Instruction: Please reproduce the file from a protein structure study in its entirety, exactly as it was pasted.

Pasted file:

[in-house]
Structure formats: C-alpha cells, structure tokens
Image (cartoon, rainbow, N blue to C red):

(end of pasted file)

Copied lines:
[in-house]
Structure formats: C-alpha cells, structure tokens
Image (cartoon, rainbow, N blue to C red):